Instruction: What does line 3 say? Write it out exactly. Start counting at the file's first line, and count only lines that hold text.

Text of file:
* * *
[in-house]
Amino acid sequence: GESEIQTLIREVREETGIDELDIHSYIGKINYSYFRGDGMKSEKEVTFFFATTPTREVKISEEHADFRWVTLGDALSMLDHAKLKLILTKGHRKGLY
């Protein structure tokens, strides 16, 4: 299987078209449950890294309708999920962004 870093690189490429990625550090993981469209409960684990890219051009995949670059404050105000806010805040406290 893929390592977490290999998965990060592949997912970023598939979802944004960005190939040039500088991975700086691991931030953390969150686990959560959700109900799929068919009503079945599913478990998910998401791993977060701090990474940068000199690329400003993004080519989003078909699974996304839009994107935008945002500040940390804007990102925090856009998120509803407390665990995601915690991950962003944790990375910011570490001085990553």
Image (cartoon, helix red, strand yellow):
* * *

């Protein structure tokens, strides 16, 4: 299987078209449950890294309708999920962004 870093690189490429990625550090993981469209409960684990890219051009995949670059404050105000806010805040406290 893929390592977490290999998965990060592949997912970023598939979802944004960005190939040039500088991975700086691991931030953390969150686990959560959700109900799929068919009503079945599913478990998910998401791993977060701090990474940068000199690329400003993004080519989003078909699974996304839009994107935008945002500040940390804007990102925090856009998120509803407390665990995601915690991950962003944790990375910011570490001085990553």